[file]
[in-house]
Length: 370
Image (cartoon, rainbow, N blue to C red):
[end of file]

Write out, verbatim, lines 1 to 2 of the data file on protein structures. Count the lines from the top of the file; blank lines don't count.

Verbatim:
[in-house]
Length: 370